The film is like trance music in movie form. It is liquid. Scenes flow in and out of each other. A scene will start and then the imagery will jump to another, sometimes from the past, other times from the future, while the audio from the initial scene continues to play through. Other times repetition is used as a narrative device, most prominently Alien’s southern, sizzurp-inflected drawl, rolling out in languid syllables, so that each is enjoyed to the fullest, reminiscent, although with his own depraved contemporary hip-hop spin, of Humbert Humbert’s delectation over the individuation of his young love’s name: Lo-li-ta,as it trips along the tongue, but for Alien, his long relaxed exhale of Sppprrrrrrriiiiiiinnnnnngggggg Brrrreeeeeeeeaaaaaak, again and again, emanates more from the back of the throat, you might say the deep throat, and just to the side, to give it it’s arch southern twang. This intonation, repeated and repeated like a mantra, becomes hypnotic, and as every reviewer has said, in an unprecedented overuse of a descriptive phrase: it pulls us into a fever dream of sex, violence, and materialism.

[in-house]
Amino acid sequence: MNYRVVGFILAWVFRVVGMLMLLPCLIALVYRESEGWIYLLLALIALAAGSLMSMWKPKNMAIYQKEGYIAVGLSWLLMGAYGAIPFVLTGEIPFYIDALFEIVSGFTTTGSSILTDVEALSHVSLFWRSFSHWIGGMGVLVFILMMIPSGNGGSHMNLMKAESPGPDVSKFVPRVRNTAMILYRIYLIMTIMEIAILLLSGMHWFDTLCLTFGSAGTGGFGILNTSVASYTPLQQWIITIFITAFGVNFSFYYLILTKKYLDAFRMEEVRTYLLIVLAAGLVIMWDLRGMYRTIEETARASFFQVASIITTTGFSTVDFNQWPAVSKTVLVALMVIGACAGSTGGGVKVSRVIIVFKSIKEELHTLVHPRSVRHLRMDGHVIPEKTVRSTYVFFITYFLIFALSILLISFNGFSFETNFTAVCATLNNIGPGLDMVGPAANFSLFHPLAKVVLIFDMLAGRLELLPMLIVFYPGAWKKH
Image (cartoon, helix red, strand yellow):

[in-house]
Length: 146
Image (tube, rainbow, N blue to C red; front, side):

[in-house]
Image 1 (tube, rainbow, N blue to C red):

In the mix Harmony threw a few other things: the ATL Twins and Dangeruss, a local rapper from St. Petersburg, Florida, where the movie was shot. And, of course, Gucci Mane. Real and synthetic all mixed up in this pot; demons and angels commingle. The bouillabaisse is defined by divergent poles of Britney Spears and Gucci Mane, all brought together by the grounding sound mix of Skrillex and Cliff Martinez. That’s what it all is at the end of the day, a remix.
Some motherfuckers say they are depressed by the film because of the way it depicts our times, these be the motherfuckers who have a stake in representing our times to ourselves, those other motherfuckers in the entertainment business who want to present the clean polished, heteronormative, nerds, jocks, and white-dudes-win kind of lifestyle. Well, here is the film that shows the white dudes, the privileged dudes, using black culture, YouTube culture, any culture that fits their needs to entertain themselves, to turn themselves into stars in their own minds and the minds of those around them. This is reality; this is Instagram.